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Social media are now part of our everyday lives. But some areas have been more hesitant to engage and palliative care research, which potentially could benefit hugely from the data that social media generate on a daily basis, stands to lose out. In my time as an associate editor at BMJ Supportive and Palliative Care, I have often struggled to get social media research and education pieces peer reviewed. There is still a lack of researchers who are willing or perhaps able to critique articles that have used metrics involving social media, for instance, sentiment analysis. Perhaps this highlights the fact that this is an emerging field and that perhaps medicine has been slow to adapt, and that there is a lack of a firm knowledge base. In my conversations with researchers who wish to analyse social media trends in medicine, there is often mention of ethics and research committees baffled by social media proposals and how such research should be properly conducted.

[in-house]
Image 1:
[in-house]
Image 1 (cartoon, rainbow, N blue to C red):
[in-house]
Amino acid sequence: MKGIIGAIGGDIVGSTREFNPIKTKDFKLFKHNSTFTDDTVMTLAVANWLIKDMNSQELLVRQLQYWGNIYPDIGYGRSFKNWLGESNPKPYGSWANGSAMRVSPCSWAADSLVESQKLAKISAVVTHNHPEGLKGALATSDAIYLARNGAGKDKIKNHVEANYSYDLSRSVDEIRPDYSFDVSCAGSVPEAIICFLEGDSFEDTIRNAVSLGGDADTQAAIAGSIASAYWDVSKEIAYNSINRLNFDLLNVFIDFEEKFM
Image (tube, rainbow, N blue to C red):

It is worth exploring the many potential uses. When I speak to prospective researchers, I am often asked how they might use social media to inform research. As a starting point, I generally tell them that the first part to a dissertation or any other research project is to define the exact research question from the outset. If they struggle to define that question, or if they fear it has already been asked elsewhere, and comprehensively answered, then social media can be a great pointer, together with …
Funding The authors have not declared a specific grant for this research from any funding agency in the public, commercial or not-for-profit sectors.
Competing interests None declared.
Patient consent Not required.
Provenance and peer review Not commissioned; internally peer reviewed.